Charge & recharge mantra to solve Bangalore’s water crisis

Monday, 10 May 2010 - 9:26am IST
DNA initiates a discussion among experts in the field who want residents to realise the preciousness of water and use it judiciously so that we will not run out of water resources.

Bangalore gets its water from River Cauvery, about 100 km away. As the levels dip and temperatures soar, the summer could leave us parched. DNA initiates a discussion among experts in the field who want residents to realise the preciousness of water and use it judiciously so that we will not run out of water resources.

Do you feel enough is being done to cope with the water crisis?
Ranganathan: Bangalore has practically run out of water. It’s going to face a severe crisis in the next couple of weeks. The fast expanding city has multi-storey apartments, gated communities, all running out of water. People call complaining that their bore wells have run dry.

John Daniel:
  We have enough water as far as rain water harvesting is concerned. High-rises and gated communities should look into waste water management techniques, which can take care of some of their water needs. Use pure rain water for potable purposes. It is abundant. The question is how it can be collected, purified, and used. The water crisis is due to mismanagement of water and not unavailability.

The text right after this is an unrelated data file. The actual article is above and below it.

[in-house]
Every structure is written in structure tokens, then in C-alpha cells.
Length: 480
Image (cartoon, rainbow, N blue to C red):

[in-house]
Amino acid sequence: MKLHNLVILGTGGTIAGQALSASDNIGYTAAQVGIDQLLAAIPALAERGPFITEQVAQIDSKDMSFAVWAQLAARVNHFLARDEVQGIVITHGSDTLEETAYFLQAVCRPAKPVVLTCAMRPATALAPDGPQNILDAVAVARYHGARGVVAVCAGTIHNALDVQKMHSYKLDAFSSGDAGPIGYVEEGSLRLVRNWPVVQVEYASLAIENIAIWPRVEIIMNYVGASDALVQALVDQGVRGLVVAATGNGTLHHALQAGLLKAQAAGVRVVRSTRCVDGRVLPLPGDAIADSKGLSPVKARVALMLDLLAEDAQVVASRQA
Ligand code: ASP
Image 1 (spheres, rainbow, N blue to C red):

Shivkumar: Bangalore has enough resources but careful planning has to go with it. The current supply system has to be overhauled to reduce the loss and regulate the supply. Water supply has to be need-based. That done, we should ensure effective usage of water which comes from several resources like the Cauvery river, ground water and rain water harvesting. Ground water must be systematically tapped. Recycled water can fulfill our needs to a limited extent too. Dual water supply schemes, conservative measures and law enforcement in relation to ground water harvesting or storm water drains should be put in place. Public-private participation is th e need of the hour.

Vishwanath:
Not all of Bangalore has a problem. There are households in Bangalore that are getting adequate water. Those that face problems are the poor and those in the suburbs, who are not connected to the network. There are also those whose bore wells have stopped yielding water. Bangalore has more than 200,000 bore wells, of which 100,000 are functional. Historically, Bangalore has been a pioneer in developments with regard to water like being the first to use steam engines to pump water into the city or first to use electricity to bring water into the city. In 1944, it became the first city to use meters to measure the amount of water supplied. If we look at all forms of water as an urban hydrological cycle, we do not have a problem for the next 50 years. Out of the 135 LPCD (litres per capita per day), only about 10 litres is used for cooking and drinking purpose per person.